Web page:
A Funeral for Cool
It started last week when I wore a Guatemalan fanny pack on my walk through my suburban neighborhood with a good friend from back in the day. Look, I told her. I've given up. The end is near. She told me she'd do me one better and get me a fanny pack in cat print. I nearly died. What happened to fish nets, combat boots and stuffing lipstick, keys and cash into our bras for a night of wild adenture? Gone, my friends. Dead.
Another friend sent me the This American Life episode, Choosing Wrong, where author Alain de Botton explains how the bleak, hard despair of marriage is actually good and normal and that on their 10th wedding anniversary his wife wore a black dress on honor of her own Funeral for Hope. We should have a Funeral for Cool my girlfriends and I agreed while sitting together in a Starbucks wearing yoga pants and athletic gear.
This past weekend I went to a women's 12 step retreat in the mountains. There was deep sharing, yoga, a Sensuality, Sexuality and Spirituality workshop led by a beautiful bodacious black woman, a goddess in flesh, who seemed to have not one self-conscious bone in her body. I, myself, have been the tiniest bit self-conscious about dancing ever since coming in dead last in the African American dance class competition in elementary school. This weekend, some of that self-consciousness, the need to stay safe and look cool fell away. I danced around the middle of a large, well-lit room with scarves with everyone else and it was glorious.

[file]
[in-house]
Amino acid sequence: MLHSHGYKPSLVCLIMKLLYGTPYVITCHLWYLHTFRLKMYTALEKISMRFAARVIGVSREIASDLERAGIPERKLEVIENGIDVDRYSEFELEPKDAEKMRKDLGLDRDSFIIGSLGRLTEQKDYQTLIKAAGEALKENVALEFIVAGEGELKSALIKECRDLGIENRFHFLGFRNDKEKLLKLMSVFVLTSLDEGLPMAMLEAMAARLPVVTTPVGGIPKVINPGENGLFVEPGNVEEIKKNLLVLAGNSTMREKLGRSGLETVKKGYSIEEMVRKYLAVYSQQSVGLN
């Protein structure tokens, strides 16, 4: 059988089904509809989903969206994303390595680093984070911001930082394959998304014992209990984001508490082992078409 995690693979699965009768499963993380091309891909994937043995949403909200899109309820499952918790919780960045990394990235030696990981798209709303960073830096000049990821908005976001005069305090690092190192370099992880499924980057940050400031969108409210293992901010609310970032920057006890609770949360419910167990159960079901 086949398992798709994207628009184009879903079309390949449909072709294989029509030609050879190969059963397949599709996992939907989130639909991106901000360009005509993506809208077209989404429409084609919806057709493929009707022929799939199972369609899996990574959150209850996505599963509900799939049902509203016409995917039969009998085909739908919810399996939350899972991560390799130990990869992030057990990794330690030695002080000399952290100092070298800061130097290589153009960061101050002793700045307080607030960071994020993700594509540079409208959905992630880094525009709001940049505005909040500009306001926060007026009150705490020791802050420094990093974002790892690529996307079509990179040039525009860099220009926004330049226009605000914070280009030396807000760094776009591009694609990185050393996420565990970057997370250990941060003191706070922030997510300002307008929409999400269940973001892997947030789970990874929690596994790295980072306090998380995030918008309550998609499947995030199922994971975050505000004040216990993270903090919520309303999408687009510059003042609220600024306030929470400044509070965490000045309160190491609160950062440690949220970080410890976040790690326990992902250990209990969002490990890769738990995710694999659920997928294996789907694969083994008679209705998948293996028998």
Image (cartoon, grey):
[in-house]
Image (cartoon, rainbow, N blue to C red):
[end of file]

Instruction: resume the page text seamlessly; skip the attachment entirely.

On the second night of the retreat there was a three hour block for entertainment featuring a fashion show. It wasn't long before I realized I'd be walking the cat walk...in my cat suit, which I had packed for the weekend, because... of course I had.
When it was my turn to prance into that hotel lodge meeting room, the roars from the crowd were magnificent. I scratched my claws in the air and twirled my tail. I shook my booty and strutted my stuff. Everyone hooted and hollered, including me. Afterwards we had a dance party, and, with not one rhythmic bone in my body, I TORE IT UP. I danced until I was a sweaty, happy blob of goo. I did not care what one other person thought, felt. All that mattered was how I felt. Truly happy and for that night, truly free.
My fanny pack friend, also on the retreat, texted me from across the room where she was dancing with fans and scarves in fancy athleisure. "This is the best funeral I've ever been to," she wrote. And I really had to agree.